Like Salavan and Sekong, Attapeu’s position near the epicentre of the Ho Chi Minh Trail means it is among the most UXO-contaminated provinces in Laos—people are still injured or killed every year. Stick to well used paths, follow the advice of locals and don’t pick up anything that looks like a bombie (a metal tennis ball-sized cluster bomb).
The unmarked streets and middle of town location make the Tourism Information Centre difficult to find. The best way to describe it: head out of the peninsula on Road 11 and just after Dok Champa Hotel, at the Lao Development Bank corner turn right; the office is on the lefthand side a few blocks up. Alternatively, find the enormous Hoanh Anh Hotel and on its front facing road, head west two blocks.
As of late 2016, the way from Sekong and Paksong is an excellent paved road. Road 18A connecting main arterial Route 13 to Ban Khiet Ngong and Attapeu is unpaved and very rough, suitable for off-road bikes only.
We noticed a lot of inaccuracies on Google Maps for this area, and one person we spoke to who had worked in the region commented that it seems they’ve actually removed a lot of information. We can speculate that this is because the border and mining sites are sensitive areas. In any case, use map apps here with caution.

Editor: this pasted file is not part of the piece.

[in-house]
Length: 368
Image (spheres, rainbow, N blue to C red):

Browse our independent reviews of places to stay in and around Attapeu or check hotel reviews on Agoda and Booking . Want to know what to do once you're there? Check out our listings of things to do in and around Attapeu. If you're still figuring out how to get there, you need to read up on how to get to Attapeu.
By Cindy Fan.
Last updated on 13th March, 2017.
The Travelfish newsletter is sent out every Monday and is jammed full of free advice for travel in Southeast Asia. You can see past issues here.